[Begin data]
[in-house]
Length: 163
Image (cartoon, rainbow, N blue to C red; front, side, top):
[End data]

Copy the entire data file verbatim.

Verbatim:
[in-house]
Length: 163
Image (cartoon, rainbow, N blue to C red; front, side, top):